Now that the dust has settled from Mobile World Congress 2018, it is possible to get a better feel which mobility themes will set the tone for the coming year of mobility. These observations are of course subjective; they only reflect my observations over three days at the world’s leading mobility event.
To start, the pitch by MWC organizer GSMA felt more telecom-focused than in recent years. The event magazine and the panel sessions covered more telco-centric topics than in previous years. This could indicate that GSMA recognizes the need to support its members to adjust their businesses in a rapidly changing environment rather than pushing an event that covers all technology themes under the sun. My main impressions at MWC18 were that:
- 5G was the biggest theme at MWC18 — but the business case is still not clear. References and showcases of 5G were everywhere. Most vendor pitches praise ‘5G’ as the key to a glorious future. This is a significant shift from last year, when we sensed a lot more caution. Still, unless telcos support services on top of 5G that the customers genially value — and pay for — 5G risks remaining a technology in search of a business case that can generate a positive ROI based on nationwide coverage. The mantra of ‘build-it and they’ll come’ remains a risky 5G roll-out strategy – unless it is treated as a ‘national goal’ like in China.
- Mobile edge computing defines the crossroad of cloud and mobility. The convergence of cloud-based services and mobile-enabling technologies was a big theme at MWC18. Internet-of-things (IoT) connectivity has grown into a critical IoT design element. After years of being a relative niche topic, ‘multi-access’ or ‘mobile-edge’ computing has pushed into the main light – especially as part of IoT discussions. This makes sense as IoT is less about connected smart devices than distributed intelligence: some intelligence will sit in the device; some intelligence will sit in the cloud. In addition to mobile edge computing, MWC visitors had the opportunity to experience the many different IoT connectivity technologies, including NB-IoT, LoRa, Sigfox, and LTE-M.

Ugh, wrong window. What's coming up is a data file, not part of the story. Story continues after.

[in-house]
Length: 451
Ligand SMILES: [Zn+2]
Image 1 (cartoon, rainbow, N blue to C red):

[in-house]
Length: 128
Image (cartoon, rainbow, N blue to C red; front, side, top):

- Artificial intelligence and deep learning were less hyped. Many of the smaller vendors that were boasting of their AI capabilities have become noticeably quieter. Some sense of reality regarding the difficulty of developing true deep-learning-based solutions, is setting in. As a subset of machine learning, deep learning’s human brain-like ‘layered approach’ to learning, remains the remit of a few large players like Tencent, Baidu, and Google for now. Also some telcos talked about their basic chat-bots activities for customer engagement. For instance, Telefonica provided an update regarding its cognitive intelligence solution ‘Aura’. However, the real significance of services like ‘Aura’ are less about technology, but the achievement to overcome data-silo structures to generate a customer-support tool across several divisions.
- Hardware launches received less attention than in the past. Compared with previous years, there was less hype concerning new handsets, despite Samsung’s S9+ and Nokia’s 8 Sirocco launches. MWC19 will be much more interesting as the first commercial 5G devices will be showcased. The hardware that did receive more hype at MWC18, was more network-centric and was heavily software-enabled. What was noticeable, was an increasing amount of low-end gadgetry in the more remote areas of the fair grounds.
Overall, MWC18 benefited from the greater focus on telco themes. After years of trying to be ‘all things to all men,’ the small step toward a ‘back-to-its roots’ approach is a welcome change.